There’s a myriad of factors to consider in the price of a used saxophone. If all factors that can influence how good a used saxophone is, are met, you should expect to pay between $4,000 and $11,000 for a used saxophone. That’s an approximate price range. It can of course be lower or higher depending on the type and level of sax you are looking for.
To get a better price guide and how much should you pay for a used sax, then you need to consider especially the following factors:
- the model,
- the serial number,
- the amount of lacquer on the sax,
- any scratches or dents,
- the pads,
- and the last time it was overhauled.
These are the main factors to consider on how to value it. Others not included above could be related to accessories like if a sax case or gig bag is part of the deal.
Let’s break down some factors so that you can be assured of your decision.
The Model/Serial Number
Let’s say you want to buy a used Yamaha Tenor Custom EX from a shop near you or online. The shop could be selling it for $4000, but you want to make sure that’s a good price.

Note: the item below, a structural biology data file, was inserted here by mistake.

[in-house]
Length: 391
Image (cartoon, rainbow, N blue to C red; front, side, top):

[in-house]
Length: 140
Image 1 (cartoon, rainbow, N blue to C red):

You can start to search online for other used saxophone shops or online marketplaces that have the same model, and cross-check the prices. Some great websites and shops to check for both saxophones/prices are SaxQuest, PM Woodwind, Roberto’s Winds, and Boston Sax Shop.
Inspect and Test the Instrument Yourself
Time to go to the shop to inspect and play the saxophone yourself.
Look at how much lacquer is on the saxophone. In this link, from an Amazon listing (I usually don’t recommend buying from, unless you can test it beforehand), you can see what an unlacquered saxophone looks like.
A saxophone with lots of lacquer will be shiny, and more smooth to the touch. That’s what you are aiming at. Let’s say about 90% of the lacquer is on the saxophone.
Get a Sense of Its Current Condition
Next, check for scratches, dents, and the condition of the pads.
Pads are made of leather, so check if they look clean and new-ish. If they’re crusty, old-looking, or in bad condition, inquire to the person selling about that.
What Was the Last Time it Was Overhauled?
Lastly, ask about the last time it was overhauled. Saxophone overhauling is the process of replacing all pads, cleaning, oiling, adjusting, and attempting to make the saxophone play in its most optimal condition. Some repair technicians strive to make the saxophone play better than when it was first made.